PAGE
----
Diabetic Ketoacidosis and Its Impact on the Brain
This study is currently recruiting participants.
Verified December 2012 by Stanford University
The Weisgerber Foundation
Information provided by (Responsible Party):
Tandy Aye, Stanford University
First received: September 18, 2012
Last updated: December 19, 2012
Last verified: December 2012
About the Study: This research study is being conducted to see if diabetic ketoacidosis has any impact on learning, behavior and development in children with Type 1 diabetes mellitus. If there is an impact, is it transient or persistent? Sixty to 80 children between the ages of 4 to 17 years with Type 1 diabetes mellitus will have neuropsychological testing and a non-sedated MRI scan of the head performed. The investigators will compare this to a control group of 30-40 children between the ages of 4 to 17 years without Type 1 diabetes mellitus. The children with Type 1 diabetes mellitus will not have any changes made to their current diabetes regimen. The children with Type 1 diabetes mellitus should continue to check blood glucose values as required by your doctor and bring their meter(s) for downloading to each visit. The children with Type 1 diabetes mellitus should also tell your doctor about the frequency of severe low and high blood glucose values.
||Time Perspective: Prospective
||Diabetic Ketoacidosis and Its Impact on Neurocognition
Primary Outcome Measures:
- Memory score on ImPACT testing [ Time Frame: 15 months ] [ Designated as safety issue: No ]
The computerized electronic testing generates a standardized test score at the complete of the test. The scores will be compared from enrollment, one week, one month and at 3 months. The change in score from enrollment to one week with be the main number used for analysis
Biospecimen Retention: None Retained
Secondary Outcome Measures:
There is no intervention. All subjects with DM and controls get neurocognitive testing and an MRI of the brain. We want to see if the scores are different but no changes in therapy will be done.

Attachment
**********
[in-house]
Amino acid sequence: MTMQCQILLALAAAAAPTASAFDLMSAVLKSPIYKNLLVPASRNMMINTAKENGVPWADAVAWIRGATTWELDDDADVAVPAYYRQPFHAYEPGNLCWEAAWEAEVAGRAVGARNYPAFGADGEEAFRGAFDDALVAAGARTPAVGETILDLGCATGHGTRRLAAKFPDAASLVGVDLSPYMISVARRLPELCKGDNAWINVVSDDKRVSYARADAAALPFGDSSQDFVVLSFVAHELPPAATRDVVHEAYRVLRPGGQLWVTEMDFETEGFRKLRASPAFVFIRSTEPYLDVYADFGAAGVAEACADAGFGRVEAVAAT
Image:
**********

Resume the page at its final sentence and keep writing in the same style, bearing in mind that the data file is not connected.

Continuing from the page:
| Estimated Enrollment:
| Study Start Date:
| Estimated Study Completion Date:
| Estimated Primary Completion Date:
||May 2020 (Final data collection date for primary outcome measure)
- One visit for 3-4 hours at the Stanford Medical Center to complete neuropsychological testing and to become familiar with the MRI scanner.
- Subjects who need to become more familiar with the MRI scanning process will view a video tape at home.
- One visit for 1-2 hours at Stanford Medical Center to have the MRI scan of the head completed.
- Subjects between 10 and 17 years of age will also be asked to complete two additional abbreviated neuropsychological tests at one week and one month from enrollment.
- Subjects may have the complete neuropsychological testing and MRI scan repeated 15 months from time of enrollment.
|Ages Eligible for Study:
||4 Years to 16 Years
|Genders Eligible for Study:
|Accepts Healthy Volunteers:
Sixty to 80 children between the ages of 4 to 17 years with Type 1 diabetes mellitus will have neuropsychological testing and a non-sedated MRI scan of the head performed. We will compare this to a control group of 30-40 children between the ages of 4 to 17 years without Type 1 diabetes mellitus.
To take part in the study, the participant must meet the following inclusion criteria:
- Be between the ages of 4 to 17 years.
- Either has been diagnosed with type 1 diabetes mellitus OR does not have type 1 diabetes mellitus
If the interested participant has a history of head trauma with any loss of consciousness, prematurity (born less than 30 weeks of gestation), significant developmental delay (lack of single word speech or ability to walk independently by 18 months of age), neurologic disease independent of diabetes (eg seizure disorder or medical contraindication to MRI procedure (eg metal appliances such as braces).
Please refer to this study by its ClinicalTrials.gov identifier: NCT01753934
|Stanford University School of Medicine
|Stanford, California, United States, 94305 |
|Contact: Tandy Aye, MD 650-723-5791 email@example.com |
|Principal Investigator: Tandy Aye MD |
The Weisgerber Foundation
||Tandy Aye MD
No publications provided
||Tandy Aye, Assistant Professor, Stanford University
History of Changes
|Other Study ID Numbers:
|Study First Received:
||September 18, 2012
||December 19, 2012
||United States: Institutional Review Board
Additional relevant MeSH terms:
ClinicalTrials.gov processed this record on May 16, 2013
Glucose Metabolism Disorders
Endocrine System Diseases